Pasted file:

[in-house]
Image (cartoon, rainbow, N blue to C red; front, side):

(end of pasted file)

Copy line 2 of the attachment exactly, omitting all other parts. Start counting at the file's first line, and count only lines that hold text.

Image (cartoon, rainbow, N blue to C red; front, side):